The mattress market is not traditionally geared towards simplicity. What it is, is a market with a long-established retail structure, dominated by a handful of large retailers, which in turn sell branded products from a relatively concentrated global manufacturer base alongside their own label offerings.

In addition, each of the multiple layers in the value-chain offered scope for additional price mark-ups, which were ultimately shifted onto customers via inflated prices. Furthermore, the bulky nature of mattresses makes them a logistical nightmare - few couriers had the capacity to deliver large mattresses as they did smaller household items. As such the early online competition from fast-growing online retailers was extremely low.

Mattress retailers, however, could not escape the forays of tech innovators forever and as such the sector was ripe for exploitation by a disruptor that could simplify both the product range and the buying process. In early 2014 pureplay Casper Sleep launched in the U.S, followed later that year by Eve Sleep in the UK. Their business models are based on consumer convenience, offering a standardised, selected range of mattresses, slick branding and marketing, and a strong focus on customer service with perks like 100-day home trial and free delivery and returns. Furthermore, all of this can be executed online and comes packaged in a box that can be delivered with ease by a one-man courier to the top floor of the tightest of urban apartments.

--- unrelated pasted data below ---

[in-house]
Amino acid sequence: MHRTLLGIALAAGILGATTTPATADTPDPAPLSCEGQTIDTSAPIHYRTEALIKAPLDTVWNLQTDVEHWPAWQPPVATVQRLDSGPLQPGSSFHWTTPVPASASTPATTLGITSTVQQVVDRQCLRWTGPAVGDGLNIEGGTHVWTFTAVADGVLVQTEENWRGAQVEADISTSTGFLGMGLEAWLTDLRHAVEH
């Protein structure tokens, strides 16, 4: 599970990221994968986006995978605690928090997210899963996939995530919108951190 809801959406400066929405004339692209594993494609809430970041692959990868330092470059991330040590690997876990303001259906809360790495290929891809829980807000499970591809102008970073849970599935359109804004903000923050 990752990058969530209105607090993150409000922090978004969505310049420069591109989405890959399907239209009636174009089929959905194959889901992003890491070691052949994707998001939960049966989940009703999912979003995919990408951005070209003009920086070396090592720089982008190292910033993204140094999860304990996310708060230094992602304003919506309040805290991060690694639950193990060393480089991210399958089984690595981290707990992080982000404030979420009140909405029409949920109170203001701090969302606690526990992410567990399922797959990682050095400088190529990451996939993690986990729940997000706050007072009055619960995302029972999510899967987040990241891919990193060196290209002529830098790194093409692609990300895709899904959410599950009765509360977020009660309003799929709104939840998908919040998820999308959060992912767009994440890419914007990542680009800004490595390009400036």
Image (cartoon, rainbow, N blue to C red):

It goes without saying that Casper has been phenomenally successful — raising $55 million at a pre-money valuation of $500 million just 18 months after launch, and generating more than $200 million revenue in 2016. This week, Casper announced a further $170 million funding round, its eyes having already turned to European markets, expanding into Germany (Europe’s largest bed market) and the UK last year.

On a smaller scale, Eve Sleep has also turbocharged its business size, increasing revenues from £2.6 million in 2015 to £12 million in 2016. Only last month, Eve raised £35 million from a partial IPO which valued the business at an eye-watering £140 million. Now it too is starting to stake its success on rapid expansion across Europe. As of December 31, 2016, Eve’s European sales amounted to 26 percent of overall revenue, compared to 65 percent in the UK, with that number set to increase further.

Their growth has not gone unnoticed, rather it’s spawned a myriad of competitors in the U.S, the UK and Europe — all vying for a share of the market. Some are clearly adopting very similar approaches to the trail-blazers before them in terms of product and marketing, whilst others have attempted to differentiate themselves from the pack through product construction (such as using micro springs as opposed to purely foam or latex-bases), or in the case of companies like Sapira, pitching at the more premium end of the price spectrum. Nor have traditional companies remained dormant to the digital potential with several manufacturers launching their own mattress-in-a-box brands, such as bed specialist Dreams with Hyde & Sleep and Sealy with Cocoon, both founded last year.

Tech Disruption: What it says on the box?

All the recent hype generated by this new breed of disruptors poses a number of challenges which should stress-test their businesses as and when they scale up. Strikingly, the proliferation of many broadly similar competitors may start to cause confusion amongst the very customers they enticed with simplicity in the first place. The rapid growth of competitors has brought with it the rapid growth of options, and many consumers are simply overwhelmed once more by the variations of products and prices. Standing out then, becomes of even greater importance.